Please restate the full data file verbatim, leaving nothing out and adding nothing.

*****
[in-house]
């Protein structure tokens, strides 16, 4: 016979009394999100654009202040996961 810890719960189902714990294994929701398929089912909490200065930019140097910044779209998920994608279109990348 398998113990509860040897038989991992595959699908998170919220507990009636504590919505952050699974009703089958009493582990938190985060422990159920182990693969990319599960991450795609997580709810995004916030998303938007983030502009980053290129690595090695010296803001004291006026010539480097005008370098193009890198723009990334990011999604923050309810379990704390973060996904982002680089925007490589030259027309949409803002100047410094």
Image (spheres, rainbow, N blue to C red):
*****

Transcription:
[in-house]
């Protein structure tokens, strides 16, 4: 016979009394999100654009202040996961 810890719960189902714990294994929701398929089912909490200065930019140097910044779209998920994608279109990348 398998113990509860040897038989991992595959699908998170919220507990009636504590919505952050699974009703089958009493582990938190985060422990159920182990693969990319599960991450795609997580709810995004916030998303938007983030502009980053290129690595090695010296803001004291006026010539480097005008370098193009890198723009990334990011999604923050309810379990704390973060996904982002680089925007490589030259027309949409803002100047410094």
Image (spheres, rainbow, N blue to C red):